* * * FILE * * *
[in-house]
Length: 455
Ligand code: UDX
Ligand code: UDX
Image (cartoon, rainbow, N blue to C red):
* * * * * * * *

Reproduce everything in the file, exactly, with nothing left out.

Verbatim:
[in-house]
Length: 455
Ligand code: UDX
Ligand code: UDX
Image (cartoon, rainbow, N blue to C red):